I'm hardly a geographical expert. Far from it.
In fact, I have a spatial dyslexia that often leads me astray. Left? Right? Both look the same to me. So I've developed a sensory view of places, a directional rhythm. Consequently, I find an ebb and flow in every place I've lived. Each town has a feel to it, depending on how its streets are laid out.
These pathways, earmarked by a drug store, a bus stop, an iron fence, serve as my visual cues in the event I'm lost.
Which I will be.
Tulsa, Oklahoma was a north/south and east/west grid of straight lines either named or numbered with nothing much getting in the way. Racine, Wisconsin's streets curved around Lake Michigan and the river. Rockford, Illinois was split down the center by State Street, with avenues branching left or right and sometimes inexplicably changing names.
But Winston-Salem was unlike any map I'd lived in.
When Maggie was three years old, we moved to its suburbs in North Carolina. Neighborhoods were pockets of cul de sacs that wound through wooded housing developments. To go anywhere, I circled through and up and out of rhododendrons and dogwoods, forever driving in figure 8's among green fluff.
And all that bobbing and weaving led to parkways bordered by more forests. Again and again I was caught in a traffic roundabout that applied to no one but me.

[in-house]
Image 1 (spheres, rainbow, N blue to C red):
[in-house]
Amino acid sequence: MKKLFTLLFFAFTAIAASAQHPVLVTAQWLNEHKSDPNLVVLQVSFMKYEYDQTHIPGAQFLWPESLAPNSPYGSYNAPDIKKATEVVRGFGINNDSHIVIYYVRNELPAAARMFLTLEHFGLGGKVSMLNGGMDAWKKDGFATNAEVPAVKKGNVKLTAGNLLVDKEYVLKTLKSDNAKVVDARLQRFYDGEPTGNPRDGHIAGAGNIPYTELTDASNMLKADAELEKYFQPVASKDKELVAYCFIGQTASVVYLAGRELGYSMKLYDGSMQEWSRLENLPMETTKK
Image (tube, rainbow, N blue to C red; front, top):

Behind me in her car seat, Maggie rode patiently, listening to me talk out loud to myself as I pondered my street map. I flipped it upside down and right side up, trying to decide which road looped where. I'd recite the street names in order, attempting to memorize which ones split from or led to Peacehaven, the apparent center of our Southern universe.
And I was forever stopping to ask for directions. Maggie took it all in, perched in the backseat.
One day, at my wit's end after I'd wrongly driven in a circle for the third time, she said, "Mama, turn left on Peacehaven," with the sweetest sense of certainty she could muster.
Of course. She'd heard that street named so often that EVERYTHING had to involve Peacehaven. She'd also figured out that left and right were my eternal weak points, too, so she was choosing for me.
In all honesty, she was right at least 50 percent of the time.
But the thing that overwhelmed me was her toddler's determination to help me.
"Thank you, sweetheart," I answered.
All these years later, she remains my best GPS. Whenever I'm about to give up, the memory of her precious voice hovers above my despair or my disappointment, calling me to the center of myself, leading me to Peacehaven.
And I go on.
Not because I'm any more certain of the leftness or rightness, but because I know she believes I can set myself straight.
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